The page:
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I am almost positive this is an issue of missing a key component or not declaring/applying the ACL properly, but I am unable to figure out the fix on my own. What I am trying to do is only allow PC2 to send any traffic to PC3 and PC1. Essentially PC4 should be inaccessible to PC2.

Since I am unable to post images yet, I will try to explain the topology which is very simple. PC1 and PC2 are behind SWITCH1 and SWITCH1 is connected to ROUTER0 on port f0/1. On the left side PC3 and PC4 are behind SWITCH2 and SWITCH2 is connected to ROUTER0 on port f0/0. The IPs are as follows:

  • PC1 11.0.0.2/8 & Connected to f0/1 on SWITCH1
  • PC2 11.0.0.3/8 & Connected to f0/2 on SWITCH1
  • PC3 10.0.0.2/8 & Connected to f0/1 on SWITCH2
  • PC4 10.0.0.3/8 & Connected to f0/2 on SWITCH2
  • ROUTER0 f0/0 10.0.0.1/8 & Connects to f0/24 on SWITCH2
  • ROUTER0 f0/1 10.0.0.2/8 & Connects to f0/24 on SWITCH1

The ACL as it exists now is as follows:

ip access-list extended NSL1
 permit ip host 11.0.0.3 host 10.0.0.2

The problem is that devices on the left side of the topology (PC1 & 2) can no longer ping 11.0.0.1 or 10.0.0.1 when they were able to prior to implementing the ACL. It gives the "Destination host unreachable." error. PC1 also cannot ping anything on or to the right of the router, but I know that is because I have not put a permit statement in for it yet. Any help would be greatly appreciated. I would think it should be a simple fix, but I don't know since I don't have much experience with Cisco IOS.

Below is the full running-config of ROUTER0.

Router>
Router>en
Router#sh run
Building configuration...

Current configuration : 579 bytes
!
version 12.4
no service timestamps log datetime msec
no service timestamps debug datetime msec
no service password-encryption
!
hostname Router
!
!
!
!
!
!
!
!
!
!
!
!
!
!
spanning-tree mode pvst
!
!
!
!
interface FastEthernet0/0
  ip address 10.0.0.1 255.0.0.0
  duplex auto
  speed auto
!
interface FastEthernet0/1
  ip address 11.0.0.1 255.0.0.0
  ip access-group NSL1 in
  duplex auto
  speed auto
!
interface Vlan1
  no ip address
  shutdown
!
ip classless
!
!
ip access-list extended NSL1
 permit ip host 11.0.0.3 host 10.0.0.2
!
!
!
!
!
line con 0
 line vty 0 4
 login
!
!
!
end
share|improve this question
    
What's the source IP of the ICMP unreachable response? –  Shane Madden Feb 25 '12 at 0:18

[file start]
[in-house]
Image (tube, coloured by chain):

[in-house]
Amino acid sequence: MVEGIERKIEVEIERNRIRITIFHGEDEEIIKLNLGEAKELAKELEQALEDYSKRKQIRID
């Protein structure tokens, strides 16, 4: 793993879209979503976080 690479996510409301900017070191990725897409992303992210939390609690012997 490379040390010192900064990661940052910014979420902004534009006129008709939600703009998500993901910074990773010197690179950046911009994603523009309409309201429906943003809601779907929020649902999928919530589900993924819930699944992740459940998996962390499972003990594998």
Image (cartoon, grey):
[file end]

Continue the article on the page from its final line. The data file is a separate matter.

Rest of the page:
Both 11.0.0.2 and 11.0.0.3 cannot ping 11.0.0.1 or 10.0.0.1 –  Waffle Feb 25 '12 at 0:20
    
I mean when you get an Unreachable message in your ping output, which should tell you what device decided it was unreachable. What IP is shown? –  Shane Madden Feb 25 '12 at 0:21
    
Oh apologies. It shows the IP of whatever I am trying to ping. Ex. If I use PC1(11.0.0.2) to ping 11.0.0.1 it returns "Reply from 11.0.0.1: Destination host unreachable." –  Waffle Feb 25 '12 at 0:24

1 Answer 1

up vote 2 down vote accepted

Your access list is specifying 11.0.0.3 as the source and 10.0.0.2 as the destination - other traffic ingressing on the f0/1 interface will not be allowed (and I think it's a little strange that they're sending ICMP Unreachables instead of just dropping the packet, but there you have it).

If you want to allow pings to the router's IPs, you'll also need to put those in the ACL:

ip access-list extended NSL1
 permit ip host 11.0.0.3 host 10.0.0.2
 ! let it communicate with the other interface's routed IP:
 permit ip host 11.0.0.3 host 10.0.0.1
 ! let's just allow it to hit anything else in its subnet; might as well, right?
 permit ip host 11.0.0.3 11.0.0.0 0.255.255.255

Note that only 11.0.0.3 will be able to ping now with this ACL; you'd need to allow 11.0.0.2 explicitly as well.

share|improve this answer
    
That worked perfectly! Thanks so much for explaining it. I guess I didn't quite understand how the ACLs worked. –  Waffle Feb 25 '12 at 0:42

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